Diabetic patients are more prone to develop periodontal disease, which can increase diabetic complications. Read the article to know more.
Blood is an important component of the body. All the electrolytes and sugars have to be maintained in the ideal amounts for healthy living. Conditions like chronic diabetes will lead to systemic problems. These systemic issues will be visible in the oral cavity too. Any oral lesions in a diabetic patient should be considered seriously.
Diabetes is a condition where there is an increased level of blood sugars. It is of three types. They are type 1, type 2, and gestational diabetes. Type 1 most frequently occurs in children. Type 2 is common in older people. The other type is gestational diabetes, which occurs in pregnancy.
Periodontitis is a condition where there is poor periodontal health. This includes the following:
Inflammation in the gums.
Severe inflammation will result in the loosening of the teeth.
Bleeding of the gums that are accompanied by pain.
Diabetic patients have a poor immune system. Their antibodies cannot fight against the body's immune system. This weakened condition of the body makes an individual more prone to dental conditions. The abnormal levels of sugar are making a person more susceptible to infections. When an individual becomes more prone to infections, then the destruction of the periodontal tissues will be noted, and in some patients, calcified structures could be noted in on the blood vessels that are present in the gingiva. In a few other patients, color changes in the gingiva are also seen.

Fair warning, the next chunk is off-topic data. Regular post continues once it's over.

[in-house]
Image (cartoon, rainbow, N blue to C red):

The essential complication of diabetes is periodontitis and periodontal abscess. The ratio of periodontitis in diabetic and non-diabetic patients is 59.6%:39%. This difference is a notable one, and the diabetic patients also face other complications such as:
Local gingival irritation.
More significant alveolar bone loss.
Tooth mobility increases, and it might result in tooth loss.
The development of periodontitis starts with a condition known as plaque in most people. It is a sticky layer that is composed mainly of bacteria.
Plaque forms on a person's teeth when bacteria starts to interact with starches and sugars that are present in the food in their mouth. Brushing your teeth twice a day and flossing one time a day can help in the removal of plaque. However, plaque re-forms quickly.